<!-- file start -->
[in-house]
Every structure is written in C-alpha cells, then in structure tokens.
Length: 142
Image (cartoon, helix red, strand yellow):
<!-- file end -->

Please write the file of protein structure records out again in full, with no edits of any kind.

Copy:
[in-house]
Every structure is written in C-alpha cells, then in structure tokens.
Length: 142
Image (cartoon, helix red, strand yellow):